As part of the volunteering experience, Kesey experimented with the usage of LSD, as well as other psychedelic drugs (mescaline, cocaine, AMT, DMT, psilocybin, etc.). He would write on his encounters with the drugs in details, both within the frames of the program, and in the following years when he proceeded with experiments on his own.

One flew over the cuckoo's nest book. Photo Credit
One flew over the cuckoo’s nest book. Photo Credit


Project MKUltra

Referred also as the CIA’s mind control program, the Project MKUltra, will later turn out to be conducted by none other actor but the US Central Intelligence Agency. At times, this program would operate only illegally, where various participants, included Kesey himself will really fill out the roles of medical guinea pigs. The CIA program had only one goal: to see if participants could force confessions through mind control after intake of drugs.  Hence, it’s a funny turn out of events.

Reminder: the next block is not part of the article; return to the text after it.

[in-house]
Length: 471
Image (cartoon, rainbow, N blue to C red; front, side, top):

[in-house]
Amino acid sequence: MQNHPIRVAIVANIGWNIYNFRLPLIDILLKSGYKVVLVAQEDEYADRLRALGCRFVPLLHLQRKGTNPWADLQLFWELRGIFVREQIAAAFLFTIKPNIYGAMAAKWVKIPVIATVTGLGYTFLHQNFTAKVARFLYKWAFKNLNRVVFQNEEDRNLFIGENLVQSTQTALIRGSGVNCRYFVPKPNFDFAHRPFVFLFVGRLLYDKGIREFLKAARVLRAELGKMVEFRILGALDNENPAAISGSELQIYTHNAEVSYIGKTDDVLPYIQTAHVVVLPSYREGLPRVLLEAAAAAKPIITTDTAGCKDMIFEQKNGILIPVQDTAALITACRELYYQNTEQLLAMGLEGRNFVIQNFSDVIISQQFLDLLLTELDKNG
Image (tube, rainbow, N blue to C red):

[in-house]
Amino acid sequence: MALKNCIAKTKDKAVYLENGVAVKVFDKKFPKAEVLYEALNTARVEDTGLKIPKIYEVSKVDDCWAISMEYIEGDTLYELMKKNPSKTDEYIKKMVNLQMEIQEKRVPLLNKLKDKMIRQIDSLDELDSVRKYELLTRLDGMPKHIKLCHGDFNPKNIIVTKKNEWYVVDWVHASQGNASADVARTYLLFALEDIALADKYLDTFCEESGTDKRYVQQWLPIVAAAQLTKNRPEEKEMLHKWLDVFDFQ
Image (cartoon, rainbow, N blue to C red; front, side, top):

The MKUltra had a massive impact over the entire idea of One Flew Over the Cuckoo’s Nest, that is set in Oregon psychiatric hospital. Kesey collected additional inspiration from his experience as an assistant at the Veterans’ Administration hospital in California at the time. Then, the narrative of the book served as a profound study of the institutional processes and its relation with the human mind. Unexpectedly, this narrative acted only as a critique towards the behaviorism, and an appreciation of the humanistic principles.

Kesey would further prove that complex, profound books can only come if the author had really first re-lived some of the actual narrative himself. For him, all the experiences had been out there: the drugs, the program, the CIA, the institutions and the psychiatric hospital.

Dr. Sidney Gottlieb approved of an MKUltra subproject on LSD in this June 9, 1953 letter.
Dr. Sidney Gottlieb approved of an MKUltra subproject on LSD in this June 9, 1953 letter.